The author of the unforgettable story collection The News from Spain explains the tough realities we all need to figure out.
By Joan Wickersham
1. You Have A Good Girl And A Bad Girl Inside You, And The Good Girl Is Usually The One Who Gets You Into Trouble
The good girl waits to be called on. She takes no for an answer. She doesn’t want to disturb anyone. She carries maturity and good citizenship to the point of paralysis. She holds herself in check, tells herself, "Don’t you dare." The bad girl dares. The bad girl shocks me, and I have a lot to thank her for. She said, "I love you," and she said it first. She said, "I quit this job." She said, "I’ve been working on this book for eight years and it stinks and I’m throwing out the manuscript and starting over." When I look back at the things I regret -- the jobs I wanted and didn’t go after, the editors with whom I never got in touch, the misunderstandings I didn’t try to clear up, the interesting people I never talked to -- I can see how often the good girl was in charge: cautious and correct, and wrong.
2. Sooner Or Later One Of Those "How Can She Stand It?" Things Is Going To Happen To You, And You’ll Stand It
My father’s suicide. Without warning, on a February morning when he was 61.
3. Having One "How Can She Stand It?" Thing Happen Does Not Protect You From More Things Happening
A year after my father died, my mother was diagnosed with advanced colon cancer. Along with the fear and grief and rage, I felt a sense of cosmic unfairness, as if the universe had lost track of the quota and given our family more than its share of pain. The hard truth is: There is no quota. You can get hit once, twice, or ten times, clustered together or spaced far apart. It’s one thing to know intellectually that anything can happen; it’s another to actually feel the chaotic vulnerability of life, which for me didn’t come with the first terrible occurrence, but rather with the second.
4. Sometimes The Only Answer Is "Who Knows?"
My mother’s surgeon said this, when I asked him about her prognosis. I wanted to hug him, even while I believed that deep down he knew that she was going to die. But she went through surgery and chemo and she didn’t die, though the next few years were terrifying. Learning to live with uncertainty is one of the hardest things I’ve ever had to do, and I’m continually having to re-learn it. But there is also something deeply lovely about uncertainty: the possibility of optimism. If the story of the future truly isn’t written yet, who’s to say it won’t end well?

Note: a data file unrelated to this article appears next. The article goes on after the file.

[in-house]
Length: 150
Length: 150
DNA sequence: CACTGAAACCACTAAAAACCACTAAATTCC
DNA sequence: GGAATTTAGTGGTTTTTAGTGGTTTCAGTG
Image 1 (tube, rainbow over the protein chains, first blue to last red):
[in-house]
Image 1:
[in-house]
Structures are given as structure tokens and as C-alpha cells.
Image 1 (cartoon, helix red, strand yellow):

5. Your Mother Is Tough, But Not Immortal
My mother died 16 years later at the age of 82, from causes unrelated to the cancer.
6. If You Can’t Take It Or Leave It, You Might Have To Leave It
For me it was flour and sugar. I gave them up more than a decade ago. Sometimes I miss them. But not enough to take back all the bad stuff–the bewilderment and shame of trying, and failing, to be moderate; the 80 extra pounds–that went along with them.
7. Love Doesn’t Always Color Inside The Lines
It is possible to be attracted to a man who is not your husband, even when you are happily married. Ugh. I don’t even want to include this one. But I guess that’s what makes it a hard truth. I have one married friend who admits, frankly and cheerfully, that she sometimes develops crushes. The rest of us don’t admit it. We hide it and feel embarrassed and disloyal and guilty. You don’t have to do anything about these feelings, but maybe it helps to know that other people have had them too. The bad girl knows it’s okay to write about this honestly. The good girl knows not to act on it. And in this case, they are both right.
Earlier on HuffPost OWN: 6 Things You'll Never Regret Doing
Offering to Play Don Draper for Your Friend
In the olden days of dating (and on "Mad Men"), the men used to order for the women. The idea, apparently, was that either the men were better decision makers or they somehow mysteriously knew what the women wanted. Like most really bad ideas, however, there is a little nugget of goodness in it. According to a study at Cornell University, <a href="http://www.news.cornell.edu/stories/Dec06/eating.mindlessly.sl.html" target="blank">the average person makes 200 food and beverage decisions a day</a>. Add to that: the few hundred million other decisions she makes each day about everything from whether to text or email you to whether to wear panty hose or tights or pants to work. When you meet a friend for dinner, show how much you appreciate her by reserving a bit of your brain for her -- and offering to eliminate four bedeviling choices at the end of the day, specifically her drink, appetizer, entrée and dessert. Besides, if you really do know this friend, the odds are that you actually know what she wants (for anyone who's listening -- me: red wine, oysters, steak, raspberry sorbet with a some kind of elaborate cookie).
Taking a Tour of the Everything House